O’Donnell thriving in dual role

The double-jobbing with hurling teams over the past couple of months has created a frantic schedule for Donagh O’Donnell.

But he is in no mood to complain. Tomorrow night O’Donnell will be in the Gaelic Grounds to see how his training sessions with the Limerick senior hurlers over the past couple of months have worked as they make their league bow against Clare.

Then on Sunday it’s off to Leahy Park in Cashel, where he is at the helm for Nenagh CBS in the Dr Harty Cup final against Coláiste na Déise (2.30pm).

“It’s fantastic to be involved, I’d far prefer to be out every night of the week training than watching TV,” he said.

“When you start coaching, you’d like to coach the best teams and players. I have that chance with Limerick. My father Eddie would have been involved with John Allen when he was with Cork doing stats for them and when John took over with Limerick, he approached me about becoming the trainer.

“It’s been difficult in ways for us to prepare for the start of the league between the Fitzgibbon Cup and Na Piarsaigh being involved in the All-Ireland club but they are great players to work with.

“Then with Nenagh, I’m from the town myself, and I’ve been involved now with the school for about six years along with Tony Slattery, who became principal last year. Niall Quigley, who’s from Burgess, got involved with us as well.”

With nine clubs — Silvermines, Éire Óg Nenagh, Kilruane McDonaghs, Templederry, Burgess, Kildangan, Toomevara, Ballina and Portroe — represented on the Nenagh CBS panel, Sunday’s final is a huge occasion for the North Tipperary hurling community.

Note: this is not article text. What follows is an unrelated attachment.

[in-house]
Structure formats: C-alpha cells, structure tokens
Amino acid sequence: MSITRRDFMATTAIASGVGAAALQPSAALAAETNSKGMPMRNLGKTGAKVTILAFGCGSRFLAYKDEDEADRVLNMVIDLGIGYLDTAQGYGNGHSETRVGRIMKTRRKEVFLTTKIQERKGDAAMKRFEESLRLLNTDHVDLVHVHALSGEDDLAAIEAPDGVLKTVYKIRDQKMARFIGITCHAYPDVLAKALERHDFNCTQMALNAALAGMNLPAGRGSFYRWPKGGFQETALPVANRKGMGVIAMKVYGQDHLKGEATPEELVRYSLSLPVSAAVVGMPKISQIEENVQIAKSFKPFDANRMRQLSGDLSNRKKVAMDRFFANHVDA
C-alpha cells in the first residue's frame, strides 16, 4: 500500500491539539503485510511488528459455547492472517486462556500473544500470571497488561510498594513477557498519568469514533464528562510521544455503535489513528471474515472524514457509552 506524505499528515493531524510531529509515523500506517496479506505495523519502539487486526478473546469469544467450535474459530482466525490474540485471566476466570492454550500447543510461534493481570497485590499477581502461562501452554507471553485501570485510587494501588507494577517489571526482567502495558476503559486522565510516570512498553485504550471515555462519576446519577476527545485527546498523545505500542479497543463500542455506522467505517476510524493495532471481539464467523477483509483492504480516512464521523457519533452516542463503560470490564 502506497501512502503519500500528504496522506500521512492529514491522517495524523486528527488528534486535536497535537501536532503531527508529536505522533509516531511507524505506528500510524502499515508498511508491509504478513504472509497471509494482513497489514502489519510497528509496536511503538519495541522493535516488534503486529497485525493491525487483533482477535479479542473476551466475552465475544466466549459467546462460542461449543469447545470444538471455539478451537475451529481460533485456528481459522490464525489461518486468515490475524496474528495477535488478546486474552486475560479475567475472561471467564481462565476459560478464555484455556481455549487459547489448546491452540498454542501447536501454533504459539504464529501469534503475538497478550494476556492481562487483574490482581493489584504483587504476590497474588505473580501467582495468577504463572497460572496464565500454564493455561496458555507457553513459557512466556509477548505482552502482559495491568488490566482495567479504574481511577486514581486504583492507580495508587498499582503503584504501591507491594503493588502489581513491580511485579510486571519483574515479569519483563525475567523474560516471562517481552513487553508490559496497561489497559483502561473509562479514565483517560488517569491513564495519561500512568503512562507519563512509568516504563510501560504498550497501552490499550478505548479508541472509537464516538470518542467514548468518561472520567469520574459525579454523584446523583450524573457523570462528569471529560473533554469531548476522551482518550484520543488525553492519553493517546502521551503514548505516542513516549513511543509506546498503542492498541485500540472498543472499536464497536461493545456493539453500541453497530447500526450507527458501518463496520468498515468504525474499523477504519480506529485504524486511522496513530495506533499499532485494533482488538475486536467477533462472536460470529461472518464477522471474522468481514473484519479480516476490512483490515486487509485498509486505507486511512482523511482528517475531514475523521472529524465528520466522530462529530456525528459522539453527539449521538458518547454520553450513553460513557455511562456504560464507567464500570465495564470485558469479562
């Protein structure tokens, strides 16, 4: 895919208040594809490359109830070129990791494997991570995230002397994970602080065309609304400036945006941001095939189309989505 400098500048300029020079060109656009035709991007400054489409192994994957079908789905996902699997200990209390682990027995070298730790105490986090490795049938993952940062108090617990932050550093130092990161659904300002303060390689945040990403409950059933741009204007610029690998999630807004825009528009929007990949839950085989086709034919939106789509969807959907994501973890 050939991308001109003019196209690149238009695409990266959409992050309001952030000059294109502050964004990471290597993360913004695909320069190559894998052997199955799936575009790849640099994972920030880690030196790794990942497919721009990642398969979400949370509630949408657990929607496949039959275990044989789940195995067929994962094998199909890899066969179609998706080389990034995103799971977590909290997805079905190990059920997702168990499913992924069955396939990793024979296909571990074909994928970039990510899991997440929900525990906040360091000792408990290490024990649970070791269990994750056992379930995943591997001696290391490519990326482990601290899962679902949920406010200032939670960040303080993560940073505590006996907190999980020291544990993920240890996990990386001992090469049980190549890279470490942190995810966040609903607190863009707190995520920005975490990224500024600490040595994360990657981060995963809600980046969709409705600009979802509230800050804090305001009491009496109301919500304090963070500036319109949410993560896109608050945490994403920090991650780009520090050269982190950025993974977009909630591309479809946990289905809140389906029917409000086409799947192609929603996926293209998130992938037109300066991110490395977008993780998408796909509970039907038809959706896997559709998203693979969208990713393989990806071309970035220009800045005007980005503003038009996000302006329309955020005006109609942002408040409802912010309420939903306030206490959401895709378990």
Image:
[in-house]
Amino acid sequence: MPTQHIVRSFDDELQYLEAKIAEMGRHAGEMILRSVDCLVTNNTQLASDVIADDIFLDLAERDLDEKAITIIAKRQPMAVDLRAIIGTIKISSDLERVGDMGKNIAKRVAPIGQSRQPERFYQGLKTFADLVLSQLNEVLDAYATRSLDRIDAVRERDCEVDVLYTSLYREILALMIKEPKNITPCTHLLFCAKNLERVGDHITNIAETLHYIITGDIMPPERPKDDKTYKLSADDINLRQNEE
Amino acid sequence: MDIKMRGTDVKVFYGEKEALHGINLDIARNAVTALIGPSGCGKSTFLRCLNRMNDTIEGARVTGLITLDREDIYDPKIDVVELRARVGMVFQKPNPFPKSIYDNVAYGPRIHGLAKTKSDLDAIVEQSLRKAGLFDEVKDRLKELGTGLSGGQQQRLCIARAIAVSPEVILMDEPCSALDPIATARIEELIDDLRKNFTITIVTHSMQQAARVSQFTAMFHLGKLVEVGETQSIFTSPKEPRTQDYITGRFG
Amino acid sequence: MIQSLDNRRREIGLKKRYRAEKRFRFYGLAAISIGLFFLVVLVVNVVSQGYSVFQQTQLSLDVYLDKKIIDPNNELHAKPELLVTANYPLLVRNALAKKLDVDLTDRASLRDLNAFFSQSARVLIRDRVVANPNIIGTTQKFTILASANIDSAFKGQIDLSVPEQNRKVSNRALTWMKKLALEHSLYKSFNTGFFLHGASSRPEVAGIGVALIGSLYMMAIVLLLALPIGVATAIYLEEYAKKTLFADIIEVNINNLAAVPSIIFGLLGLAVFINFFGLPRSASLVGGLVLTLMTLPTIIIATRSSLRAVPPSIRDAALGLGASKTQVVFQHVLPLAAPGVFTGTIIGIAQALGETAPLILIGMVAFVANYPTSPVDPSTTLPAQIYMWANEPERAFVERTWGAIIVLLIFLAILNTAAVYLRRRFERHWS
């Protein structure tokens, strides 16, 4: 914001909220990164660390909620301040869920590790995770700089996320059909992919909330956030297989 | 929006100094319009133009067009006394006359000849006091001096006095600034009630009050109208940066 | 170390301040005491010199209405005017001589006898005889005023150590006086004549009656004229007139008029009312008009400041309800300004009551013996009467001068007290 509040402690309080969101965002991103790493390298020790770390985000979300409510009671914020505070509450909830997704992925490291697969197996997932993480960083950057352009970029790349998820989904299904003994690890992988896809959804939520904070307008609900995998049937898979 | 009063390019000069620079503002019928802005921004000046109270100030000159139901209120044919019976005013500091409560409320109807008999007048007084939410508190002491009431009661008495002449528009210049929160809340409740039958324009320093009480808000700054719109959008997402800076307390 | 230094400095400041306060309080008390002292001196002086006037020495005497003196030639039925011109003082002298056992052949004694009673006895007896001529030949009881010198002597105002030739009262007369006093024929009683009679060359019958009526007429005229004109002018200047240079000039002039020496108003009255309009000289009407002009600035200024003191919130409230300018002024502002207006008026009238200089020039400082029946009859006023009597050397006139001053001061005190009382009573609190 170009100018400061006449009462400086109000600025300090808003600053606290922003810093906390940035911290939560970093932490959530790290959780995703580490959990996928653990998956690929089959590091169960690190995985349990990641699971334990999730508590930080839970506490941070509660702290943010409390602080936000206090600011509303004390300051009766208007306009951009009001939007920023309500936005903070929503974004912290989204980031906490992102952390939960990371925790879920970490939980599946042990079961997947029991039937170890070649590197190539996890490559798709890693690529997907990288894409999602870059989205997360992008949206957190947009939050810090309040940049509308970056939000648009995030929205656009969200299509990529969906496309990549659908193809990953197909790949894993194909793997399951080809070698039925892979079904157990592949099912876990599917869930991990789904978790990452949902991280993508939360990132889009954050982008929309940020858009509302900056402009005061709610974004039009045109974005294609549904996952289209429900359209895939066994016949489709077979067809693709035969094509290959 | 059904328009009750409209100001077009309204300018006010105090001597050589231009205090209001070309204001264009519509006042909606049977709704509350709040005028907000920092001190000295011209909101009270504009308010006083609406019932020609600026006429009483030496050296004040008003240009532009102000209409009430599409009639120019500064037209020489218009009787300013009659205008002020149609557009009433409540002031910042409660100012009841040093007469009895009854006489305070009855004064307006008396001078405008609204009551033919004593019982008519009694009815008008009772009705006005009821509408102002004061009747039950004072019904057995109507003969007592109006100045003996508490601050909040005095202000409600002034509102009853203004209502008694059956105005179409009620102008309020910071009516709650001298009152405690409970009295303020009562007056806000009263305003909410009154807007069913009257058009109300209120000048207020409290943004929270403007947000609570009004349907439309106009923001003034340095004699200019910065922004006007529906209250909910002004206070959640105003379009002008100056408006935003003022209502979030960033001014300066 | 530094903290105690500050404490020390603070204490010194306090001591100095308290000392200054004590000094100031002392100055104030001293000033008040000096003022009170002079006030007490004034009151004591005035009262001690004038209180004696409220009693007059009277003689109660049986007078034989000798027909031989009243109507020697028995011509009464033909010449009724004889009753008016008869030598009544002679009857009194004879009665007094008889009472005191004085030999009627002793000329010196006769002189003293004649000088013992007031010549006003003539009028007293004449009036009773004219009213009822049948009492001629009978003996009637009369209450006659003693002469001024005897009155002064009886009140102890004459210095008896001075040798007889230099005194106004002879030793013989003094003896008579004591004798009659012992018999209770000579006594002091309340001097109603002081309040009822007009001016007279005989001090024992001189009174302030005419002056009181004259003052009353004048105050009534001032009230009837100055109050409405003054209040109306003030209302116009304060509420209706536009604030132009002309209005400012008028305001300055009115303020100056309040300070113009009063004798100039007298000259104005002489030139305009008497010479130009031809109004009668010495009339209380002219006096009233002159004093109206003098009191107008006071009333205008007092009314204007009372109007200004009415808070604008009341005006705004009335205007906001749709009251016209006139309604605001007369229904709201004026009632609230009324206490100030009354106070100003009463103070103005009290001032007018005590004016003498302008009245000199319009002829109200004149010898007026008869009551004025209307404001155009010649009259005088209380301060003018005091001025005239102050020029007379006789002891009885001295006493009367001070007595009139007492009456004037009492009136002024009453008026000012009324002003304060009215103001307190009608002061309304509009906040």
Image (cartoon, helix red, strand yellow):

It’s been a long wait since their last appearance in the decider in 1997 and despite the clash with the league tie between Tipperary and Kilkenny, a large crowd is still expected to travel to support Nenagh.

“There’s huge interest in the game,” admitted O’Donnell. “There’s been a bit of talk that it’s a pity it clashes with the Tipperary game but we can’t really focus on that.

“As a team and management we have to focus on our game as anything else is a side show. The support from the clubs around us has been brilliant in terms of getting pitches to train on and getting sponsorship. The staff in the school have really rowed in behind us as well.”

Nenagh CBS report no injury worries but O’Donnell does feel for full-back Niall Gleeson, who misses out due to the torn cruciate ligament he sustained in the drawn quarter-final against Thurles CBS: “It’s very tough on him. He’d probably have been the county minor full-back this year. I’d imagine they had him tipped from it as he was playing very well, is a good size and has good ability.”

The battling qualities of Nenagh CBS have been graphically illustrated in surmounting the challenges of Thurles CBS and Ardscoil Rís in the knockout stages, after replays on both occasions.

“They’re a very good bunch of fellas who show great heart and courage. We’ve been a little bit lucky this year in that we got a slightly easier group. We needed that as it was hard to get the lads together due to Nenagh, Burgess, Toomevara and Portroe all being involved in club games until late in the year.

“Since Christmas we’ve put in a lot of work and a few challenge games against St Brendan’s [Birr], Kilkenny CBS and Cork Vocational Schools helped us.

“Hopefully that work will now pay off.”

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